So how can these concepts be used to heal somebody? Well take the example of a person who is depressed: they feel heavy, like they are being pulled down. Often you can see this literally in the way they sit or stand. In Ayurveda this would indicate an excess of Earth: the antidote may be to exercise more, eat less heavy food, or perform practices such as Yogic postures designed lighten the body and mind.
A person with in imbalance in the air element would typically be ungrounded, often lost in the realm of imagination: absent-minded and forgetful – maybe prone to insomnia and anxiety or forgetting to eat. Here the solution would be to strengthen the earth element, through grounding exercises such as certain Yogic postures, changes in diet or specific Ayuravedic herbal medicines.
Fiery people are prone to anger and hostility: here often a change in attitude would be helpful – encouraging the person to slow down and not push themselves, or even a cold shower every now and again! Complicated spiritual practices are not always required: it is really just a common sense approach.
Water is supposed to flow freely, however some people may become bloated and swollen. Emotionally, a blockage in the water element may represent repression, or a difficulty in letting go of painful past experiences. Treatment in this area may involve working through emotional problems or dietary changes, maybe even a period of fasting.
Often you will find the person will be doing the exact opposite of what they should be to restore: the depressed person may be sleeping all day and not exercising – so the Ayuravedic healer would prescribe a complete change in direction. The idea is that we should not go against our nature, which tends toward a state of balance.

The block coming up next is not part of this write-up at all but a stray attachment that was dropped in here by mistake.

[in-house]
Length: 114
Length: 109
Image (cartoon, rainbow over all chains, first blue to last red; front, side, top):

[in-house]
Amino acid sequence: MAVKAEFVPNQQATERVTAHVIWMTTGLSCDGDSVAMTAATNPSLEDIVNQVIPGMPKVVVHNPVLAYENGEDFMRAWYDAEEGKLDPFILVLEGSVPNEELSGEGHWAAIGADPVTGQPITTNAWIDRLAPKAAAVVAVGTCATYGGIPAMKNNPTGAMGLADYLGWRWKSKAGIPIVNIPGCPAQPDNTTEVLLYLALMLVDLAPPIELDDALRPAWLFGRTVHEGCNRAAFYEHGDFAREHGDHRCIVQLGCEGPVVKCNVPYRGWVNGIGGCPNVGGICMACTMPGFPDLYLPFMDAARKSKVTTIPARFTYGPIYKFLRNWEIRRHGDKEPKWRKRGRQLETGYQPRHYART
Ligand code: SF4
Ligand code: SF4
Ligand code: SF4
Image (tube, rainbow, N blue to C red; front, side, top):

An advantage of this system is that it empowers the individual to take charge of their own recovery rather than placing the power in the hands of the doctor. A genuine Ayuravedic healer would teach the person how to heal themselves, promoting responsibility over dependency.
Although this is such a simple, common sense approach – it is difficult for many of us because we simply do not take the time to check up on ourselves and see how we feel. A person may wake up, grab their phone, and eat breakfast while checking their emails and social media accounts, head to work on a crowded train worrying about an important meeting, work all day then head to the pub for a few beers before heading home for television and bed. It is even harder for a person with family as well as work responsibilities to juggle. When do we get the time to ask ourselves if we feel balanced?